Due to the popularity of the Boxer, there are many reputable breeders to choose from, and there are even more breeders to avoid. You should seek out the best Boxer that you can afford. There is no such thing as “just a pet dog” or a “pet-quality dog.” You cannot afford to own a secondrate dog. Inferior quality in a pet only translates to high veterinary bills, wasted time and broken hearts! You are seeking a Boxer that looks and acts like a Boxer. You want your neighbors to admire your canine charge and tell you how handsome he is. If the appearance of the dog doesn’t matter, why get a Boxer? It’s not that simple. You want a handsome Boxer that is the picture of good health: a pedigree that indicates his parents have normal or better hips, no history of cancers or the like in their backgrounds and good eyes. Since the Boxer is prone to a number of genetic problems, you want the healthiest dog you can find. You’re not merely investing money in this purchase—you’re investing your heart and your family! What could be more costly than that? If the breeder is trying to pitch a “pet-quality puppy” at you, tell him that you want the best puppy he has. While the conformation of the dog isn’t a primary consideration for a pet person, all of the other important factors that breeders emphasize are. Reread the temperament and character portion of the breed standard: is there a single quality listed there that doesn’t appeal to you?
Be aware that the novice breeders who advertise at attractive prices in the local newspapers are probably kind enough towards their dogs, but often do not have the expertise or facilities required to raise these dogs properly. These pet puppies are frequently badly weaned and left with the mother too long without the supplemental feeding required by this fast-growing breed. This lack of proper feeding can cause indigestion, rickets, weak bones, poor teeth and other problems. Veterinary bills may soon distort initial savings into financial or, worse, emotional loss. Inquire about inoculations and when the puppy was last dosed for worms. Check the ears for signs of debris or irritation, indicating the presence of mites.
Color is a matter of personal choice, but whether you prefer a bright fawn Boxer with flashy white markings or a brindle dog, your puppy should have a dark nose and, preferably, dark toenails. This is a consideration of pigmentation, which should not be confused with color. Color in Boxers generally becomes lighter, so it is wise to choose a puppy with deep rich pigmentation and as much black as possible. By six to ten weeks of age, the Boxer’s nose should be well pigmented and broad. You do not want a Boxer puppy with a narrow nose, since his muzzle will likely not develop to the desired broadness. In selecting a fawn-colored dog, seek a deep red coloration, especially down the back and head; in a brindle dog, look for distinctive herringbone striations against a deep red background. For the flashy look, white markings should be present on the chest, legs and forehead and muzzle.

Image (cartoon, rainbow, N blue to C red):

In show dogs, breeders seek out deep pigmentation complemented by white markings on the head, legs and chest. Dark eyes are best, and Boxer pups tend to have bluish eyes that darken as they age. Look for expression in your puppy’s eyes, as this is a good sign of intelligence. Boxers often show the haw of the eye, one or both of which may be white; this adds to the Boxer expression. Since the Boxer is a “head breed,” you want a puppy that makes a pleasing impression. The Boxer puppy’s muzzle should be broad and deep; this is important for the expression of the dog as an adult. The puppy’s head should have some wrinkles, which will disappear as the dog matures. Check that the puppy’s lower jaw is as wide as possible, ideal for incoming adult teeth. Never sacrifice overall balance and harmony for a fabulous head. Judges will view the whole picture, not just the dog’s head.
Note the way your choice moves. The Boxer, even in puppyhood, should show clean movement with no tendency to stumble or drag the hind feet. Boxers tend to be awkward in their puppy months, so do not confuse this immature lack of coordination with a structural defect. It’s best to take along an experienced Boxer person if you are concerned about the structure of the puppy. This tends to be a show-dog concern more than a pet concern, though we all want Boxers that can move easily and effortlessly. In evaluating the structure of your pup, consider that the topline (along his back) should be as straight as possible, with the shoulders sloping and the back short. Avoid toplines that “roach” toward the center (rise noticeably), weak rear quarters, poor feet and, of course, shy or spooky temperaments.
The puppy’s bite should be somewhat undershot, meaning the lower jaw protrudes further than the upper jaw. Look for a lower jaw line that is as wide as possible. Be sure that the tongue doesn’t stick out when the puppy closes his mouth. The bite is important for show dogs as well as pet dogs. Although your pet puppy won’t be disqualified at the dinner table for an incorrect bite, he may not be able to eat and breathe comfortably throughout his life.
More on Boxer Dog Breeds
Owner Considerations for a Boxer Dog Breed
Commitment to Owning a Boxer
Essential Boxer Puppy Supplies
More Essential Boxer Puppy Supplies
Puppy-Proofing Your Home for Your Boxer
Preventing Boxer Puppy Problems
Excerpt from Comprehensive Owner’s Guide: Boxer